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Record Details

Record 53 of 16814
Project ARGO: The design and analysis of an all-propulsive and an aeroassisted version of a manned space transportation vehicle
Offline Availability: Go to Request Form
Author and Affiliation:
Wang, H.(Michigan Univ., Ann Arbor, MI, United States)
Seifert, D.(Michigan Univ., Ann Arbor, MI, United States)
Waidelich, J.(Michigan Univ., Ann Arbor, MI, United States)
Mileski, M.(Michigan Univ., Ann Arbor, MI, United States)
Herr, D.(Michigan Univ., Ann Arbor, MI, United States)
Wilks, M.(Michigan Univ., Ann Arbor, MI, United States)
Law, G.(Michigan Univ., Ann Arbor, MI, United States)
Folz, A.(Michigan Univ., Ann Arbor, MI, United States)
Abstract: The Senior Aerospace System Design class at the University of Michigan undertook the design of a manned space transportation vehicle (STV) that would transport payloads between low earth orbit (LEO) and geosynchronous earth orbit (GEO). Designated ARGO after the ship of the Greek adventurer Jason, two different versions of an STV that would be based, refueled, and serviced at the Space Station Freedom were designed and analyzed by the class. With the same 2-man/7-day nominal mission of transporting a 10,000-kg payload up to GEO and bringing a 5000-kg payload back to LEO, the two versions of ARGO differ in the manner in which the delta V is applied to insert the vehicle into LEO upon return from GEO. The all-propulsive ARGO (or CSTV for chemical STV) uses thrust from its LH2/LOX rocket engines to produce the delta V during all phases of its mission. While the aeroassisted ARGO (or ASTV for aeroassisted STV) also uses the same engines for the majority of the mission, the final delta V used to insert the ASTV into LEO is produced by skimming the Earth's atmosphere and using the drag on the vehicle to apply the required delta V. This procedure allows for large propellant, and thus cost, savings, but creates many design problems such as the high heating rates and decelerations experienced by a vehicle moving through the atmosphere at hypersonic velocities. The design class, consisting of 43 senior aerospace engineering students, was divided into one managerial and eight technical groups. The technical groups consisted of spacecraft configuration and integration, mission analysis, atmospheric flight, propulsion, power and communications, life support and human factors, logistics and support, and systems analysis. Two committees were set up with members from each group to create the scale models of the STV's and to produce the final report.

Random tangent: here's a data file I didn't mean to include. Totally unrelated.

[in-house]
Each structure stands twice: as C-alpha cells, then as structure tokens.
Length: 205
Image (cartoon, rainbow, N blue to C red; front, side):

Publication Date: Jan 01, 1989
Document ID:
19940004526
(Acquired Dec 28, 1995)
Accession Number: 94N71281
Subject Category: SPACE TRANSPORTATION
Document Type: Conference Paper
Publication Information: USRA, NASA(USRA University Advanced Design Program Fifth Annual Summer Conference; p 103-110; (SEE 19940004512)
Publisher Information: United States
Financial Sponsor: NASA; United States
Organization Source: Michigan Univ.; Senior Aerospace System Design Class.; Ann Arbor, MI, United States
Description: 8p; In English; 1 functional color page; Original contains color illustrations
Distribution Limits: Unclassified; Publicly available; Unlimited
Rights: No Copyright
NASA Terms: AEROASSIST; COST ANALYSIS; DESIGN ANALYSIS; HYDROGEN OXYGEN ENGINES; MANNED SPACECRAFT; PROPULSION SYSTEM CONFIGURATIONS; SPACE TRANSPORTATION; SPACECRAFT CONFIGURATIONS; TRANSFER ORBITS; HUMAN FACTORS ENGINEERING; LIFE SUPPORT SYSTEMS; LOW EARTH ORBITS; SPACE LOGISTICS; SPACECRAFT COMMUNICATION; SPACECRAFT POWER SUPPLIES; SUPPORT SYSTEMS
Imprint And Other Notes: In USRA, NASA/USRA University Advanced Design Program Fifth Annual Summer Conference p 103-110 (SEE N94-71267 09-12)
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